Cornelia: So you've done a good job creating separate services and maybe you're even doing statelessness. And if I'm following those patterns, why am I not calling that a microservices architecture? Well, it has to do with even the way that you bundle those things together. And so there's this idea of this monolithic bundle, even if I've done microservices on the inside, and that type of monolith will probably work well, reasonably well. It depends on, again, how those components are deployed in those types of things. But it isn't going to solve some of the other things that these more loosely coupled microservices architectures do and things like having independent release cycles, being able to do independent blue-green, being able to create bulkheads between the different microservices.
Cornelia: And so I would say that the answer is... I mean, I'm not a purist, I'm a pragmatist. And I want to be able to take things that don't follow 12 factors, maybe they only follow four factors. And I want to be able to bring some of those things over and whether they get this negative label of monoliths or not, I'm very, very interested in bringing those into the fold and getting there incrementally. So in short, I think that there is room for some level of monolithic architectures, monolithic applications, in the cloud and starting to make its way into Cloud Native. And I think the reality is... I work a lot with large enterprises. The reality is that we can't just rebuild everything greenfield. We need to get there incrementally.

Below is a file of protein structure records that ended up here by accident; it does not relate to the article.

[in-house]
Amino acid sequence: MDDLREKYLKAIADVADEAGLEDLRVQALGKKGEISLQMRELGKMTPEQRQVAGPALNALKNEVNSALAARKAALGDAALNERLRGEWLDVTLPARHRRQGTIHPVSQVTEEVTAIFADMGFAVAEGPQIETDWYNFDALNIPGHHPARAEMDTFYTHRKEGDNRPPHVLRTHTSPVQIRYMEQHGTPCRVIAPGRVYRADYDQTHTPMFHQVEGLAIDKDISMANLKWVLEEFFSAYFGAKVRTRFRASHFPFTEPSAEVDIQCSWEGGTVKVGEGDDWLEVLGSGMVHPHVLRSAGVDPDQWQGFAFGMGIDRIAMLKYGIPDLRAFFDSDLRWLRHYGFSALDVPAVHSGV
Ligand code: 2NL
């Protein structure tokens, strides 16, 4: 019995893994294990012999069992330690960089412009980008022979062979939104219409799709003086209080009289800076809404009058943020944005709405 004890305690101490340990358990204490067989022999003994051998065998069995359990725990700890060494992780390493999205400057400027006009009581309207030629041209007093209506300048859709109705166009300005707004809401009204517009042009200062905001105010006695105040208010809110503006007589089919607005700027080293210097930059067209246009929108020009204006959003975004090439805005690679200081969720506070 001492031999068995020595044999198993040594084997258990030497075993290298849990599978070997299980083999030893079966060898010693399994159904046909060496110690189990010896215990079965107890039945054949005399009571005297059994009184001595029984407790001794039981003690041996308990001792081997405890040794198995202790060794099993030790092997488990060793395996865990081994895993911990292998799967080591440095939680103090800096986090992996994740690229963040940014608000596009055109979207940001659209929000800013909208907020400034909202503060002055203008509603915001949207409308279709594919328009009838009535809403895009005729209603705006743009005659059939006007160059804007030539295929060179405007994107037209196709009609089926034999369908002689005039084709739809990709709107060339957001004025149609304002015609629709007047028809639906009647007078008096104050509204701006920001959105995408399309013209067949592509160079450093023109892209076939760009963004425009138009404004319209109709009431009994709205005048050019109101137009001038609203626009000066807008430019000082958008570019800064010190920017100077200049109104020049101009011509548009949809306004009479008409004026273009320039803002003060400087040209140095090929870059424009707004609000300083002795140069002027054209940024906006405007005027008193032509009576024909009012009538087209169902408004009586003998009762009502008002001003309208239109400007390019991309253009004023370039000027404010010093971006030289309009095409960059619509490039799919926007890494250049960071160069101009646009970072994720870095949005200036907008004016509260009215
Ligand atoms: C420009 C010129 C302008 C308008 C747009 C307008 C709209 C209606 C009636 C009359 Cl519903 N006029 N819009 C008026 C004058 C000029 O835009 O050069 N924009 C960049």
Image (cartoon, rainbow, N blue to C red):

Joe: Okay. So I'd like to come back to the twelve-factor app because I just love it so much and I talk about it so much. One of the things that I think you do really well in your book is cover some topics that may have been missed in the twelve-factor app or like I often say, "If we were going to write it again from scratch today, there'd be a whole bunch of things that we would add." And two of those are related, they're visibility, and then logging and metrics. So I think in visibility, you talk about health endpoints. Can you talk about why that's important and how it fits into the Cloud Native Patterns?
Cornelia: Yeah. So I love that you talked about visibility with respect to these probes... And I'm going to use the term that Kubernetes uses. They have these health probes and these health endpoints. Although as a developer of these services, you're responsible for implementing them, what Kubernetes does is it allows you to tap into those and do some interesting things with that. And in fact, I think that's really the answer to your question, which is okay, I've got a bunch of different components and we talked about the fact that I've got lots of components that come together into a relatively complex whole. Whole as in W-H-O-L-E. So there's a larger digital offering that is made up of, composed of, all these little microservices. And it's one thing to know whether one piece of that is working fine.